oregon family leave act

Senate Bill 999, designed to align Paid Leave Oregon (PLO) with the Oregon Family Leave Act (OFLA), passed the Oregon Legislature on June 1, 2023, and is expected to be signed by Governor Kotek shortly. The bill makes the following changes:

Rolling Forward Leave Year: Effective July 1, 2024, employers must use a “rolling

On the day that its temporary rule was set to expire, the Oregon Bureau of Labor and Industries (“BOLI”) issued a permanent rule to allow employees to continue to avail themselves of protected “sick child leave” under the Oregon Family Leave Act (“OFLA”) to care for a child whose school or childcare provider has been closed in conjunction with a statewide public health emergency, including COVID-19. We previously blogged about BOLI’s temporary rule here.

Based on public comment received during the permanent rule-making process, as well as the fluid nature of safety protocols with respect to childcare providers and school re-openings, the agency determined that its now permanent rule would benefit from additional, immediate clarifications to other OFLA rules.  Accordingly, BOLI simultaneously issued another set of temporary rules (effective September 14, 2020 through March 12, 2021) of which employers should be aware both with respect to implementing the expanded sick child leave and to the extent they want to provide input during the public comment period.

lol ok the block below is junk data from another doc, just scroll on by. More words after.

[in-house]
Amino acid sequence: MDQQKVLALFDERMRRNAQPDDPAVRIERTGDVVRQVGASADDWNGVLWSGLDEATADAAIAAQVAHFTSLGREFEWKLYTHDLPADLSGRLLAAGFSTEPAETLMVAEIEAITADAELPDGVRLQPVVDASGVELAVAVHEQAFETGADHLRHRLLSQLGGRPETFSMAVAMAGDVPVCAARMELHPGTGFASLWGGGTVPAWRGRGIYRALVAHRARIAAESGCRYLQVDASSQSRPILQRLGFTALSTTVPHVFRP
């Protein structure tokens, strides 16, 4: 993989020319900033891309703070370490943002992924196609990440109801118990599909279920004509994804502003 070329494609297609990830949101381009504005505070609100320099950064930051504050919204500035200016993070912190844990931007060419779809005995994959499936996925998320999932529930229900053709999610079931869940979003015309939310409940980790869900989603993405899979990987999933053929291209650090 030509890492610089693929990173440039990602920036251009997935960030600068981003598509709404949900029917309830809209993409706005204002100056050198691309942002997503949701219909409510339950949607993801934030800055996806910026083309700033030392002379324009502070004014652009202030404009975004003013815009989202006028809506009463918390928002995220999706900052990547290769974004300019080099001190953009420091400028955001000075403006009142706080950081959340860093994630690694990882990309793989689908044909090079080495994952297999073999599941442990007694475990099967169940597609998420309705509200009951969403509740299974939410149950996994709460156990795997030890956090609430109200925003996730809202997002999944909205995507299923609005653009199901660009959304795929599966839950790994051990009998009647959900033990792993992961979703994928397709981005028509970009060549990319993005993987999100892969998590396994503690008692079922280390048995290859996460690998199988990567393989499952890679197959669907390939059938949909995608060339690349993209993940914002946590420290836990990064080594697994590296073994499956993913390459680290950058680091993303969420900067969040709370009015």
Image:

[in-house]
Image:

Under the temporary amendments, BOLI broadly defines “childcare provider” to include any “place of care” or person who cares for a child. “Place of care” includes day care facilities, preschools, before and after school care programs, schools, homes, summer camps, summer enrichment programs, and respite care programs.  The physical location does not have to be solely dedicated to such care.  A person who cares for a child includes nannies, au pairs, babysitters, and individuals who regularly provide childcare at no cost, for example, grandparents, aunts, uncles, or neighbors.
Continue Reading BOLI Permanently Expands OFLA for Eligible Working Parents Impacted by COVID-19

Oregon’s 76th Legislative Assembly convened on February 1, 2011. The Legislature has wasted no time introducing a multitude of new labor and employment bills, some with potentially far reaching effects. Below is a (non-exhaustive) list of some of the more interesting bills up for debate:

Civil Rights:

  • HB 2035 — Standardizes statute of limitations period for filing